Scrimshaw is the art of engraving or carving images into whale bone or ivory harkening back to 18th century whalers. Luckily today we can use similar techniques to ornament ordinary plastic drawer pulls, knobs, and even switchplates. An awl or needle is used to scratch the image into the plastic surface, a Sharpie marker covers the surface and penetrates the scratch marks, and the excess ink is removed with rubbing alcohol. Look for nautical imagery such as period text for monograms, illustrations of ropework or sea creatures, or a compass rose. For more authentic hardware, experiment with knobs made from the eco-friendly ivory substitute the tagua nut. –Natalie
plastic knobs or drawer pulls
awl, or tapestry needle affixed to an X-Acto handle Sharpie
paper towels or cotton swabs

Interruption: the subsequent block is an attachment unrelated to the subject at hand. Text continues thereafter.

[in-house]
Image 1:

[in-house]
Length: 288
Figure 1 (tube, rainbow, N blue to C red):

Use a fine point Sharpie draw your image onto the knob, or transfer it from a print or tracing paper. To transfer, tape the paper to the knob. Use your awl or needle to make a series of pricks outlining the basic image through the paper and lightly into the surface of the plastic. Remove the paper, ink the entire surface with the Sharpie, and wipe the ink off using the rubbing alcohol. You should be left with an outline of tiny black dots.
Follow the dots to draw the image by scraping into the plastic with the awl. You can repeatedly check your progress by inking and wiping the plastic surface. Use cross hatching or stippling to add shading. Give the knob one final layer of ink with the Sharpie, then wipe off the excess and shine it up using the rubbing alcohol. Show your work around to your shipmates with pride!